After this touching moment, a Catholic priest read the Gospel, John 14:1-6, 23, 27.

A Lucky Man

Sister Kate Morris is a member of the faculty at Holy Redeemer High School. In 1990, she met Dr. Kopen as a patient. During her battle with cancer, she experienced his “wonderful uniqueness.”

In a soft spoken voice, she told the congregation, my doctor was the best. He was dignified, humble, compassionate, gentle, thorough,IMG_4669_DK_OR and kind. He inconvenienced himself to get her information about her condition in a timely way.

She provided a memorable portrait of Dr. Kopen when she shared this story. On the day of her father’s surgery, her mother asked if she could bless Dr. Kopen’s hands with holy relics. Dr. Kopen responded with a comment, “I will take the holy relics with me into surgery. We will both be in God’s hands.”

After her surgery and treatment, Sister Kate became a loyal family friend of the Kopens. She recounted visits to their home and priceless moments she shared with his family. On one occasion, Dr. Kopen told her he was a lucky man. He said his most precious gift was his family, and he believed that all gifts are given by God.

Sister Kate ended her reflection with this description of her friend. Dan Kopen was a brilliant, dignified, loving, caring man. We experienced through him the love of God.
Sister Kate’s heartfelt tribute was deeply rooted in a cardinal rule of Catherine McAuley:

Confidence in God causes us to hope, for everything comes from His paternal goodness.

Community Moments

The final part of this beautiful celebration of life can best be described as a series of community moments. There was a thoughtful IMG_9620_sm_MCprayer of the faithful, in which everyone in the chapel asked a God of mercy to hear our prayer.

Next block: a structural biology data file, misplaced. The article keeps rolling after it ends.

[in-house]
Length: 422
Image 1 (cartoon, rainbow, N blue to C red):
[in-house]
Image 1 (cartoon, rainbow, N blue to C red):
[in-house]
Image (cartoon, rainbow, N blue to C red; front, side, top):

We sang a hymn that always evokes emotion and reflection, Let There Be Peace On Earth.

Karen Reiniger, an administrator at Mercy Center, led the congregation in a closing prayer, and Sister Robert Marie sang a passionate rendition of an Irish Blessing.

Before people left the chapel they stopped to talk with friends and acquaintances. They sought out the speakers to offer their thanks for the eloquent words they spoke about Dr. Kopen.

In the chapel at Mercy Center we gathered to celebrate Dr. Dan F. Kopen. Our hearts were burdened by the loss of this great man. KitchK_DC and I came to this gathering with a gnawing emptiness knowing that we would never see Dan Kopen. When we left, the pain was still real, but there was also a building sense of comfort. The mosaic of his life made us certain that he is in heaven. As Kitch said so thoughtfully, “Instead of praying for him, we can now pray to him.”

“A Celebration of Life: In Loving Memory of Dr. Dan Kopen” was a perfect tribute to a husband, a father, a brother, a son, a friend and a surgeon who is loved by many. Dr. Kopen’s life gives great meaning to Mother Catherine McAuley’s words:

If we are humble and sincere, God will finish in us the work He has begun. He never refuses His grace to those who ask it.

Thank you, Dr. Kopen for showing us the way to a life of health and happiness.

Thank you, Dr. Kopen for your inspiring example of what America is at its very best.